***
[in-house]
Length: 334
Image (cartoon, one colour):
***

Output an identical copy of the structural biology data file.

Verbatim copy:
[in-house]
Length: 334
Image (cartoon, one colour):